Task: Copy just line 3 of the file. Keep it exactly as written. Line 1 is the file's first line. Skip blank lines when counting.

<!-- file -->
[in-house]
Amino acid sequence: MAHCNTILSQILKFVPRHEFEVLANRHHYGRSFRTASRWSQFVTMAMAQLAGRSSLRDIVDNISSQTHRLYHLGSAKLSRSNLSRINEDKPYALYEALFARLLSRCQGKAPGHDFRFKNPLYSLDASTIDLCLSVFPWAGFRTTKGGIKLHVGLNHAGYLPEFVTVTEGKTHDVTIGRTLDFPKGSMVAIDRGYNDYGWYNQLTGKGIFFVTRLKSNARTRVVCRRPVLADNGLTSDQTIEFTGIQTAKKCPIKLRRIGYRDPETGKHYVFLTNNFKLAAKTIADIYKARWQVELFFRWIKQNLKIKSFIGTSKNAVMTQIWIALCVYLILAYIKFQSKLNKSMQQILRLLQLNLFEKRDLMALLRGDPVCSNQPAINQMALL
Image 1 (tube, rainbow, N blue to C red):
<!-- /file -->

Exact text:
Image 1 (tube, rainbow, N blue to C red):